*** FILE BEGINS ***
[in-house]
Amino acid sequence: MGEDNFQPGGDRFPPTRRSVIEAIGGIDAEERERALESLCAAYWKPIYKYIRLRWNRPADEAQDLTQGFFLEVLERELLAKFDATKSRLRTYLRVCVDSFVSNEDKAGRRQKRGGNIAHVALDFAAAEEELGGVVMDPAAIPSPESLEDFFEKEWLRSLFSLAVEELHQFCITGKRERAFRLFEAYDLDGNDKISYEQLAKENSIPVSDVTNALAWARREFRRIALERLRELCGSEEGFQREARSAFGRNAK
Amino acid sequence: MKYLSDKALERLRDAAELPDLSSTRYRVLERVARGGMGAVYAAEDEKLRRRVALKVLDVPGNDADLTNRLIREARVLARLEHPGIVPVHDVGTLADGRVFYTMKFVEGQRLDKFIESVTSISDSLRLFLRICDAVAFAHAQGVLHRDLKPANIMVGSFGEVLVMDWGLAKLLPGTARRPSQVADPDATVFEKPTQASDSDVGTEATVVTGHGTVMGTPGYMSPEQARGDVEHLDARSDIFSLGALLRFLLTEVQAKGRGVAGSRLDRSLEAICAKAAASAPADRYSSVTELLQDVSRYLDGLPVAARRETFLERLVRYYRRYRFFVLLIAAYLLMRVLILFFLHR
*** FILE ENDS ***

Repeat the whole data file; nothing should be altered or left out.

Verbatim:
[in-house]
Amino acid sequence: MGEDNFQPGGDRFPPTRRSVIEAIGGIDAEERERALESLCAAYWKPIYKYIRLRWNRPADEAQDLTQGFFLEVLERELLAKFDATKSRLRTYLRVCVDSFVSNEDKAGRRQKRGGNIAHVALDFAAAEEELGGVVMDPAAIPSPESLEDFFEKEWLRSLFSLAVEELHQFCITGKRERAFRLFEAYDLDGNDKISYEQLAKENSIPVSDVTNALAWARREFRRIALERLRELCGSEEGFQREARSAFGRNAK
Amino acid sequence: MKYLSDKALERLRDAAELPDLSSTRYRVLERVARGGMGAVYAAEDEKLRRRVALKVLDVPGNDADLTNRLIREARVLARLEHPGIVPVHDVGTLADGRVFYTMKFVEGQRLDKFIESVTSISDSLRLFLRICDAVAFAHAQGVLHRDLKPANIMVGSFGEVLVMDWGLAKLLPGTARRPSQVADPDATVFEKPTQASDSDVGTEATVVTGHGTVMGTPGYMSPEQARGDVEHLDARSDIFSLGALLRFLLTEVQAKGRGVAGSRLDRSLEAICAKAAASAPADRYSSVTELLQDVSRYLDGLPVAARRETFLERLVRYYRRYRFFVLLIAAYLLMRVLILFFLHR